Mount Church sits in the Lost River Mountain Range and holds the title as the state's third-tallest peak at a grand 12,200 feet. Depending on the route taken ascents have been described as rugged and unstable, and have been reported to range from Class 3 - Class 4.

Diamond Peak

Diamond Peak is located in the Lemhi Range and is the state's fourth-tallest peak and the only twelver in the Lost River Range. Rising to 12,197 feet, Diamond Peak boasts ranges that have been reported to vary from Class 3 - Class 4 with quite a bit of Class 4 terrain.  

Mount Breitenbach

Mount Breitenbach sits in the Lost River Mountain Range with a 12,140-foot peak and is Idaho's fifth-tallest summit. It's all up to personal preference, though Mount Breitenbach surely competes for one of the most stunning north faces in the Lost River Range. It makes for a great photography opportunity, especially for those who'd rather enjoy the scenic views from the valley. Mount Breitenbach has designations that have been reported within Class 3.

Lost River Peak

Lost River Mountain is located in the Lost River Mountain Range and is home to the Lost River Peak sitting at an elevation of 12,078 feet and holds the title as Idaho's sixth-tallest peak. One route on the ascent to the peak is named "Super Gully" and begs the necessity for helmets as rocks falling are common along this route. That's just the beginning of this extraordinary and extremely challenging ascent that begs much attention to its Class 3 - Class 5 reportings.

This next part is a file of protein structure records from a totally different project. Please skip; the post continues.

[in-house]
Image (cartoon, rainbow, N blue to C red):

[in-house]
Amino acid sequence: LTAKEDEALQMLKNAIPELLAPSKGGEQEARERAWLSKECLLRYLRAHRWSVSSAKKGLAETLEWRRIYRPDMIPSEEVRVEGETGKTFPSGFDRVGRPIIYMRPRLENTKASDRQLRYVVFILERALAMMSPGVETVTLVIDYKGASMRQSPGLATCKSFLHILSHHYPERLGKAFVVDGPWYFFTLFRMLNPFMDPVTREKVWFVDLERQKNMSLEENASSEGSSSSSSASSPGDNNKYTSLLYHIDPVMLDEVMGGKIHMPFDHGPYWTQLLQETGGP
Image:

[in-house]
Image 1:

Mount Idaho

Mount Idaho is located in the at a breathtaking 12,065 feet within the Lost River Mountain Range and is home to Miriam Lake. Mount Idaho has various routes that report running in the ranges of Class 3 - 5.9-10a,b/c. 

Donaldson Peak

Donaldson Peak is located in the Lost River Mountain Range sitting at an elevation of 12,023 feet and is Idaho's eighth-tallest peak. Donaldson Peak has routes that have been reported to run in the range of Class 3.

Hyndman Peak

Hyndman Peak is located in the Pioneer Mountain Range and is boasts an elevation of 12,009 feet and the title of Idaho's ninth-tallest peak. Hyndman Peak is reported to run routes in the range of class 2.